Once you leave the park and start to enter more urban areas where traffic can really affect your ETA, Waze is already assessing the situation and providing alternative routes as necessary. Waze is completely compatible with our products and will fade down your music volume to give traffic or speed trap alerts, as well as turn-by-turn directions. Speaking of music, did you know that pressing the NAVI button will toggle between Insane NavEngine and the previous app? This means, if you open your preferred music app first, and then press the NAVI button, now you can switch between navigation and music with a single press of the NAVI button. Or use this same functionality to switch between Waze and Insane NavEngine.
With this winning combo, you probably won’t need any other traffic or navigation solutions, but hey, we’re Insane Audio, so we’ll give you the rundown on a few more options and let you decide.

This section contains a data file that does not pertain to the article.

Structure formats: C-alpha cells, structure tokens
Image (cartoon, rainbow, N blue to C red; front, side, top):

With Google’s latest Maps app, you can view traffic without starting navigation. This is a pretty nice feature, especially if you haven’t nailed down exactly where you’re heading yet, and in cities, let’s be honest, traffic can certainly be a deciding factor as to where you are going… or aren’t going. Rather than just getting traffic info on a selected route, you can now view current traffic conditions for an entire area. To view traffic, just tap the layers icon, on the top right of the map screen and select “Traffic.” You can also access Google Maps “Traffic” with one tap by adding the shortcut widget to your home screen – simply find “Driving Mode” in your widget library (keep swiping left in your apps list) and place the widget wherever you like by tapping on holding on it.